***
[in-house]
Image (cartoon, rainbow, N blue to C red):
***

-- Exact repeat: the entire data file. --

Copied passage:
[in-house]
Image (cartoon, rainbow, N blue to C red):